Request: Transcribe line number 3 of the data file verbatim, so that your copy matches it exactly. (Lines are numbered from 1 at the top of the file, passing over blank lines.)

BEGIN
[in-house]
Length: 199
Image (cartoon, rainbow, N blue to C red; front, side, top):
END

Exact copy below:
Image (cartoon, rainbow, N blue to C red; front, side, top):